The Reflection & Conversation Space at Seeds of Compassion is a place for participants to support each other in practicing compassion and deepen their conference experience. The inviting space will offer a range of hosted and self-directed activities for people to reflect on their experience, share stories, explore possibilities and connect with
one another. Participants can join a conversation, offer a creative expression, take a stretch break, or simply sit quietly and breathe…

All beings and all forms of being are welcome.

Beauty is in the eye of the beholder and that rule seems to apply to compassion, a nebulous concept heavily prized, rarely defined.

Seeds of compassion are planted here

Beauty is in the eye of the beholder and that rule seems to apply to compassion, a nebulous concept heavily prized, rarely defined.

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Beauty is in the eye of the beholder and that rule seems to apply to compassion, a nebulous concept heavily prized, rarely defined.

It is not for lack of trying that proponents of Seeds of Compassion, an impressive effort to raise the spotlight on the importance of kindness and compassion, have their work cut out for them.Like beauty, most people think they’re already compassionate enough. And similar to another popular saying about legislating morality, it is not likely that compassion can be ordered from on high. Freedom means people will always be free to act as compassionate as they choose to.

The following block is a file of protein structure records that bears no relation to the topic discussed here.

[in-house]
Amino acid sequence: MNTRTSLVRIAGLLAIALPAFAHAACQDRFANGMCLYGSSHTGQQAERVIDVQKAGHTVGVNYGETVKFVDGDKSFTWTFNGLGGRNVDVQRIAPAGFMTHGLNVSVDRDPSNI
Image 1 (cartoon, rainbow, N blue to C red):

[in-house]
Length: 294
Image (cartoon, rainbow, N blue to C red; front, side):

This does not mean compassionate communities shouldn’t be encouraged. They should. Seeds of Compassion is to be credited for spearheading the effort.

Ron Rabin, executive director of the Bellevue-based Kirlin Charitable Foundation, which focuses on early-childhood development and has launched the Seeds initiative, offers a compelling vision for compassion that is rooted in sustainable, actionable, measurable results.

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Educators, neuroscientists and other experts have long been examining the role compassion plays in early-childhood development and in communities. The explorations move into the public arena with the arrival of theexiled Tibetan Buddhist leader, the Dalai Lama.

The presence of one of the most respected religious leaders in the world would be a catalyst for change without the Seeds effort. But the combination of the Dali Lama’s five-day stay in Seattle coupled with a series of high-profile events exploring compassion raises the impact significantly.

From large-setting forums such as at the Edmunson Pavilion on the University of Washington campus to in-home discussions, compassion promises to be the buzzword for the next week, at least. Schools such as the John Stanford International School in Seattle are using a newly created curriculum to teach compassion to their students. Schools can download the curriculum free.

The presence of Raj Manhas, the former superintendent of Seattle Public Schools, lends the grass-roots effort gravitas and ensures a youth-centered connection. This is good. Children are the future. If they grow up instilled with compassion, we’re all better off.